Owner, drw Design, LLC
Industry or specialization:
drw Design builds websites for a diverse group of local, national and international clients.
What got you into Web Design/Development/working on the web?
I got on the internet early in the 1990s through my corporate job as a game show producer for an interactive TV network. Through that, I got a job with Microsoft running some of their content areas on their new network—MSN.com. I think I was one of the first remote workers, although we didn’t call ourselves that. We were “non-location specific”.
I had a company in one of my content areas that refused to pay me, and we eventually settled on them handing over their website to me. I had no idea what do with it, but I had graphic design experience, and I figured out HTML fairly quickly. Then I suspected that other businesses might want a website, so I made business cards. And I told everyone “I’m a web designer now”.
The real estate agent that sold me my house introduced me to the owner of his firm. She asked me, “How’s all this going to work?” I took out a napkin. I drew a square labeled “server” on the top side. Another square labeled “browser” on the bottom. A square labeled “database” in the center. Then, I drew curved arrows between server and browser and wrote “magic”. She hired me. I got someone to help me make the thing.
That was it. I started building my business through referrals in 1996 and am still at it today.
What does a typical day or week look like for you? What sort of things do you do?
Most of my clients manage their sites in-house, so my time is divided between assisting existing clients with upgrades, issues, training, new functionality, and working on development of new projects. I also run an association of local tech professionals here in Charlottesville, The Neon Guild. I moderate our private email list of 500 people. That takes some time.
What types of web technologies do you work with most often?
What is your favorite thing about your job?
I like taking someone’s vision and making it real. I like seeing a business or organization grow because something I made is working as it should. I like it because it’s art and a puzzle. I love art and puzzles. Also, I love being the boss of me.
What do you wish you could change about your job?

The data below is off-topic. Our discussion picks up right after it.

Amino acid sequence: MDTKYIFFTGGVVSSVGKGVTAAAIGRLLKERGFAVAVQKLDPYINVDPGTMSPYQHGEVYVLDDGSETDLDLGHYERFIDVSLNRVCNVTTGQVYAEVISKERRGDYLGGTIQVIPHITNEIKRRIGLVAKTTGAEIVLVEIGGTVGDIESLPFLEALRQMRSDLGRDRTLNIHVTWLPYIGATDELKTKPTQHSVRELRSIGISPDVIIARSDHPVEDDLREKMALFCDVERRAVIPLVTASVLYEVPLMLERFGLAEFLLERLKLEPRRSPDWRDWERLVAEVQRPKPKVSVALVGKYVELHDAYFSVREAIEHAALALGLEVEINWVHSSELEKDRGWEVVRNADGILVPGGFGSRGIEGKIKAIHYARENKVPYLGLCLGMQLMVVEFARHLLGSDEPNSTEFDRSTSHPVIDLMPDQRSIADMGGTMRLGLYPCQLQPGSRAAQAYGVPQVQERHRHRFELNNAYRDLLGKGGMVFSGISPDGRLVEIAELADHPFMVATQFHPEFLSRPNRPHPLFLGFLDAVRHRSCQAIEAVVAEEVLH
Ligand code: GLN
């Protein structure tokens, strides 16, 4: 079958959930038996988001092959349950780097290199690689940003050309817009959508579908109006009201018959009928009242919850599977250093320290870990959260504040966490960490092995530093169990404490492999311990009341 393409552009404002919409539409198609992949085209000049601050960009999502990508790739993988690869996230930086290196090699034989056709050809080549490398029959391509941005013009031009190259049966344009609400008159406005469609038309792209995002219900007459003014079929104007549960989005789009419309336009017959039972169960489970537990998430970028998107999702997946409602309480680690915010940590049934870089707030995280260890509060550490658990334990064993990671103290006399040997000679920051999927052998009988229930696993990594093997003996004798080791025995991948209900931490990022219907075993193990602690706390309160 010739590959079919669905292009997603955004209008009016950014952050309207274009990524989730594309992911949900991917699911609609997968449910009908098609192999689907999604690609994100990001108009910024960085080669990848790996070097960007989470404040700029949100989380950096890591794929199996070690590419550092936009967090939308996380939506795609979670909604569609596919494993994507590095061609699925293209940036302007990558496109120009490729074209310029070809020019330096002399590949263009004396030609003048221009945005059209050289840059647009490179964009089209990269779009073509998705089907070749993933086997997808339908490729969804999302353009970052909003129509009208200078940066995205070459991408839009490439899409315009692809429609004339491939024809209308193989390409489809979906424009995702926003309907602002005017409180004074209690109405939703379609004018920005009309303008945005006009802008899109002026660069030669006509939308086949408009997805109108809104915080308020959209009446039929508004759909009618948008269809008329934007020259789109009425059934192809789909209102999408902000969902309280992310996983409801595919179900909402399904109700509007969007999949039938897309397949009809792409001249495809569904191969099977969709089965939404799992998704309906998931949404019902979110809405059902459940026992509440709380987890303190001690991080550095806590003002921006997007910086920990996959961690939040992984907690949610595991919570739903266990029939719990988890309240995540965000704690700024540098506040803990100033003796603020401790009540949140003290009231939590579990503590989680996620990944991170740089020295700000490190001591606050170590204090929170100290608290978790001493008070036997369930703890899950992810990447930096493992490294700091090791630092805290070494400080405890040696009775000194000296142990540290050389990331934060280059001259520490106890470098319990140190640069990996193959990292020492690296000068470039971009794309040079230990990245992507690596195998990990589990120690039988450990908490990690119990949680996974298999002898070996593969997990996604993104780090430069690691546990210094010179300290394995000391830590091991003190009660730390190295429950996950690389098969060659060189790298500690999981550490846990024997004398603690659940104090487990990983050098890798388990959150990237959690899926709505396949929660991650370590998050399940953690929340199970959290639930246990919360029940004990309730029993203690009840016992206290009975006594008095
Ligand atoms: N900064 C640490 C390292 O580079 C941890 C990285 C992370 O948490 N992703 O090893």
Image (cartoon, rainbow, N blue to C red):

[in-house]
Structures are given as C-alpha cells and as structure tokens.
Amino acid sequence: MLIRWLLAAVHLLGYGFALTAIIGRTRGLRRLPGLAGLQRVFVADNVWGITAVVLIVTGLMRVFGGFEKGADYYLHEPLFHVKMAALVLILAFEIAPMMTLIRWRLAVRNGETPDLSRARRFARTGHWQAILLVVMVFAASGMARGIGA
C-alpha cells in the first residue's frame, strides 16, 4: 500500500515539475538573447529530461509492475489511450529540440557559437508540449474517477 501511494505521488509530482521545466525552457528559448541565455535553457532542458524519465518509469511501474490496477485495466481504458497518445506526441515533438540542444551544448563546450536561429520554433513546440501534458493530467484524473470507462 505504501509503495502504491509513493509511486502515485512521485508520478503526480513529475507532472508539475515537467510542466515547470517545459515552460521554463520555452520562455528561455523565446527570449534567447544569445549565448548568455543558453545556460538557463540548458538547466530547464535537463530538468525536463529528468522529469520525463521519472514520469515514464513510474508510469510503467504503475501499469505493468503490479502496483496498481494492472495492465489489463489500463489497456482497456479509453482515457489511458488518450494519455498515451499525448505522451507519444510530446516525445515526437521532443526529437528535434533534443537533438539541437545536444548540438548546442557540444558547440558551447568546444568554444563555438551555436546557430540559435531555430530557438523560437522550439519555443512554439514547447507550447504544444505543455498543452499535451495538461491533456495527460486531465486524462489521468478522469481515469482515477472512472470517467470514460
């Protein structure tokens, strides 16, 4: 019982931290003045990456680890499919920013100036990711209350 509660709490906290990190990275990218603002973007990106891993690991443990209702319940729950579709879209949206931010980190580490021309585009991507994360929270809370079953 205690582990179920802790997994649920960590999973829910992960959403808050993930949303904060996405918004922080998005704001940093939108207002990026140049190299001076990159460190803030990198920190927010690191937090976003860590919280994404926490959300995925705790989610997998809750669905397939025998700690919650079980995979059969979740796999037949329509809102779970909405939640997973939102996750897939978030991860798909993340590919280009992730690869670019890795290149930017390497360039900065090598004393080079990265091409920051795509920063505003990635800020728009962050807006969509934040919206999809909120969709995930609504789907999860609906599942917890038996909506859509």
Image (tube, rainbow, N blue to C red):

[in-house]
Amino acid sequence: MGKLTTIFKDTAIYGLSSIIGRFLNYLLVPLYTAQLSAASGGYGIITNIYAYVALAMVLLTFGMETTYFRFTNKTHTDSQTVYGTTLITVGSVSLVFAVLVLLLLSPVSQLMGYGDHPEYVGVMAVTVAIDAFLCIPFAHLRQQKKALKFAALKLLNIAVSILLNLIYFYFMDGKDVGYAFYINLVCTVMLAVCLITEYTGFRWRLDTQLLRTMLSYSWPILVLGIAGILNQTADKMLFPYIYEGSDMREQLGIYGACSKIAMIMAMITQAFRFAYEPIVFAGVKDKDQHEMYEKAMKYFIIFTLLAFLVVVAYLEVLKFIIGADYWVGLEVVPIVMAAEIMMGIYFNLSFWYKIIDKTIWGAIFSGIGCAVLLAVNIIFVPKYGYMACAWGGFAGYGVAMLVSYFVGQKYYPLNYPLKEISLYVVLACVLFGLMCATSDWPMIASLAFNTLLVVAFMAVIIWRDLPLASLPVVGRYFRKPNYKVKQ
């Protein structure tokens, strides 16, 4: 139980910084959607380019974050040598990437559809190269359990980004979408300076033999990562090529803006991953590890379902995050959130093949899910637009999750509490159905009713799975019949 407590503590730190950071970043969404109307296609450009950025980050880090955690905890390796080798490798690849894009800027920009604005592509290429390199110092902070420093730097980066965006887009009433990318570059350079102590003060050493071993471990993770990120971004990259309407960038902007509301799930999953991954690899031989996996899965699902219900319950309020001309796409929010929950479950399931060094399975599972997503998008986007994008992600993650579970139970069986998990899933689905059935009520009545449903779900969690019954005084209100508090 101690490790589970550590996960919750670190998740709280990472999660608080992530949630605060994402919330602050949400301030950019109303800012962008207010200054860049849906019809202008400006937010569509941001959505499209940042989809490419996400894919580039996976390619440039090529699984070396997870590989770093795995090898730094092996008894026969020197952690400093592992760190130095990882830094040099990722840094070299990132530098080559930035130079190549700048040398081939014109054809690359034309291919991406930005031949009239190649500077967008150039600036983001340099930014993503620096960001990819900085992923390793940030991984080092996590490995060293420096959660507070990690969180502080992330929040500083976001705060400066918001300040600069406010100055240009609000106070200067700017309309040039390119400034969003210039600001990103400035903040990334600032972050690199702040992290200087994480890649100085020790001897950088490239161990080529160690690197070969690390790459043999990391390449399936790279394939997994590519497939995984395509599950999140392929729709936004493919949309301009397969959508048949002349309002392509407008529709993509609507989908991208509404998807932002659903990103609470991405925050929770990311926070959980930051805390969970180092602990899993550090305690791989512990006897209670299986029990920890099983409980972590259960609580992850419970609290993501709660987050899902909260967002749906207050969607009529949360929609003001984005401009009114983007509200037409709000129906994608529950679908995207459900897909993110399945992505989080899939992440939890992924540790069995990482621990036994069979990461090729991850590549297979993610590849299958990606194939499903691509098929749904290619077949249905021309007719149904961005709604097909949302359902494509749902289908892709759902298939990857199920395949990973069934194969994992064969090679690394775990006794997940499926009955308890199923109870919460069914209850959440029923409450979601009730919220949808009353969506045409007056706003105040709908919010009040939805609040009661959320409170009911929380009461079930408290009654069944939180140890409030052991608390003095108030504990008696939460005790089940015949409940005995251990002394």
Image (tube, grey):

Technology is constantly changing. Which means having to constantly learn new ways of doing things. I’m not saying it’s not great for your brain to keep using it. I’m just saying it can be tiring at times.
Where do you see your section of the web development/design/etc industry going?
With so many DIY website builders out there, I feel like folks don’t appreciate what you get with a custom solution. But I’ve thought that for a long time, and folks keep hiring my firm, so what do I know?
What technology and/or skill do you wish you learned before you entered the industry?
I wish I had had a stronger background in programming concepts. I bump around pretty well in the languages I need to use, but I could have a stronger handle on the overall logic.
What are you looking to learn or what skill are you looking to build next?
I’ve just been accepted into the beta for Adobe Firefly, and I’m more excited to futz around in there than I care to admit.
What questions should I have asked that I didn’t? (Please also answer it :-D)
What’s going on in your backyard, Debra?
Oh. I built a house out of recycled and salvaged materials. It’s called The Recycled House. You can rent it for the weekend. There’s a cool video on https://recycled.house. It got on TV.
What would you tell someone to do who’s looking to get into the industry? How should they best prepare themselves?
Many “web design” courses teach HTML, CSS and other web technologies, but they do not teach actual design. Which is why people just buy templates now. Which is why all websites look the same to me.
If you’re going to buy templates, and your client is thrilled with your end result, great. No judgement here. But having a solid knowledge of basic design concepts, what CSS and Flexbox actually do, along with basic programming principles will go a long way to becoming professional in this field. So maybe a little judgement.
Anything else you’d like to tell future designers, developers and web people?
Web design/development is not going away anytime soon. It’s a great career choice for so many people, it pays well, you can do it from wherever you are, you can work with others or by yourself, you can be creative and thoughtful. It is challenging and ever-changing, and who knows where it will go? (Probably AI overlords will take over, but hopefully, I’ll be retired by then.)
Is there a way people can get in contact with you to ask questions etc?
I’m debra [at] drwdesign.com.
Last Question: If you had to be a zombie and you had to eat someone’s brains, whose would it be and why?
I don’t want to turn this lovely interview into an angry political rant, so I’ll just say I’m a vegetarian, and brains aren’t on the menu.